In 2017, researchers published a study that found more than 50% of 2,241 youth ages 17-24 accessing homeless services in San Francisco County between 2011 and 2014 had a report to Children Protective Services (CPS) for child abuse or neglect during childhood. For the first time, researchers matched up administrative data from California CPS records and records of homeless youth accessing services.
The study found that “Homeless female youth were significantly more likely to have a CPS history than male youth (58.1% vs. 41.5%). Nearly twice as many Black clients accessing homelessness services had a CPS history as did White clients (59.8% vs. 31.8%). Roughly half (47.3%) of those with a childhood history of reported maltreatment had been last reported for maltreatment in another California county.”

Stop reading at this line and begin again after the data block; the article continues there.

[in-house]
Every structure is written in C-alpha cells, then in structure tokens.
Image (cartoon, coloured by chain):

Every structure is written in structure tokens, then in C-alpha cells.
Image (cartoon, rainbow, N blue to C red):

The main limitation of the study is that it probably undercounted the number of homeless youth who had child abuse or neglect reports from childhood as many homeless youth in San Francisco are from out of state. This study did validate that many of the homeless youth in San Francisco are not from the city, but most are from the nearby counties in the Bay Area.
This study indicates that organizations working with foster youth and those working with homeless youth need to be coordinating comprehensive services, particularly in regards to mediating the traumatic effects of child abuse and neglect.
You can find an excellent PowerPoint summary of the preliminary findings here.